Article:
2. Absolute air mass of 1.5 (solar zenith angle 48.19°s);
  3. Angstrom turbidity (base e) at 500 nm of 0.084 c;
  4. Total column water vapor equivalent of 1.42 cm;
  5. Total column ozone equivalent of 0.34 cm;
  6. Surface spectral albedo (reflectivity) of Light Soil as documented in the Jet Propulsion Laboratory ASTER Spectral Reflectance Database.

Actually, we are speaking of an air mass coefficient: a relative measure of the optical path length passing through the Earth's atmosphere, as described for a fixed moment in time and space. We express the air mass coefficient as a ratio of the direct path of the global shortwave irradiance incident upon a specially tilted surface, relative to the path length for a horizontal surface (optical path oriented vertically upwards as the normal).

AM0

The first thing we need to estimate is what the intensity of the global horizontal irradiance would be just "outside" of our thin covering atmosphere. So, how do we determine the solar energy incident upon the extraterrestrial surface for the Earth-Atmosphere system?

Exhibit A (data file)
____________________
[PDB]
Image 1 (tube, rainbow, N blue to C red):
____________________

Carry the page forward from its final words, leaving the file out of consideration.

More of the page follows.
First, we begin with the annual average solar constant, in units of irradiance (recently updated as of 2012! No longer 1366 or 1367 W/m2 if you knew that value). The average annual Solar intensity will actually vary according to an oscillation linked to 11-year cycles of sunspots. Given a large number of sunspots, the solar constant will be higher (~ 1362 W/m2) while the value will drop to ~ 1360 W/m2 when there are not many sunspots (changes about 0.01%). You can see NASA's Solar Radiation Climate Research Area (accessed Feb 13, 2013).